"Stop," Annie cried. "O Mr. Gregory! he has taken it and you have none. You shall have mine;" and she was about to unfasten it.
He laid a strong grasp upon her hands. "Stop such folly," he said, sternly. "Come to where they are launching that boat. You have no choice;" and he forced her forward while Hunting followed with Miss Eulie.
They stood waiting where the lantern's glare fell upon their faces, with many others more pale and agonized.
Annie clung to him as her only hope (for Hunting seemed almost paralyzed with fear), and whispered, "Will you the same as die for me again?"
"Yes, God bless you! a thousand times if there were need," he said, in tones whose gentleness equalled the harshness of his former words.
She looked at him wonderingly. There was no fear upon his face, only unspeakable love for her.
"Are you not afraid?" she asked.
"You said I was a Christian to-day, and your Bible and God's voice in my heart have confirmed your words. No, I am at peace in all this uproar, save anxiety for you."
She buried her face upon his shoulder.
"My darling sister!" he murmured in her ear. "How can I ever thank you enough?"
Then he started suddenly, and tearing off the cape of his coat, said to Hunting, "Fasten that around Miss Morton;" and before Annie quite knew what he was doing he had taken off the body part and incased her in it.
"Here, Hunting, your belt is not secure"; and he tightened the straps.
"Pass the women forward," shouted the captain.
Of course those nearest were embarked first. The ladies in Gregory's charge had to take their turn, and the boat was about full when Miss Eulie was lowered over the side.
At that moment the increasing throng, with a deeper realization of danger, as the truth of their situation grew plainer, felt the first mad impulse of panic, and there was a rush toward the boat. Hunting felt the awful contagion. His face had the look of a hunted wild beast. Annie gazed wonderingly at him, but as he half-started with the others for the boat she understood him. Laying a restraining hand upon his arm, she said, in a low tone, "If you leave my side now, you leave it forever."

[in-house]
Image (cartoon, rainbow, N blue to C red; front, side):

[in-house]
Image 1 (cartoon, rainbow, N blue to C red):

He cowered back in shame.
The officer in charge of the boat had shouted, "This boat is for women and children; as you are men and not brutes, stand back."
This checked the desperate mob for a moment, and Gregory was about to pass Annie down when there was another mad rush led by the blatant individual who had scouted the idea of Providence.
"Cut away all," shouted the captain from the bridge, and the boat dropped astern.
It was only by fierce effort that Gregory kept himself and Annie from being carried over the side by the surging mass, many of whom leaped blindly over, supposing the boat to be still there.
Pressing their way out they went where another boat was being launched. Hunting followed them like a child, and was as helpless. He now commenced moaning, "O God! what shall I do? what shall I do?"
"Trust Him, and be a man. What else should you do?" said Gregory, sternly, for he was deeply disgusted at Hunting's behavior.
Around this boat the officer in charge had placed a cordon of men to keep the crowd away, and stood pistol in hand to enforce his orders. But the boat was scarcely lowered before there was the same wild rush, mostly on the part of the crew and steerage passengers. The officer fired and brought down the foremost, but the frenzied wretches trampled him down with those helping, together with women and children, as a herd of buffaloes might have done. They poured over into the boat, swamped it, and as the steamer moved slowly ahead, were left struggling and perishing in the waves.
Gregory had put his arm around Annie and drawn her out of the crush. Fortunately they had been at one side, so that this was possible.
"The boats are useless," he said, sadly. "There will be the same suicidal folly at every one, even if they have time to lower any more. Come aft. That part will sink last, and there will be less suction there when the ship goes down. We may find something that will keep us afloat."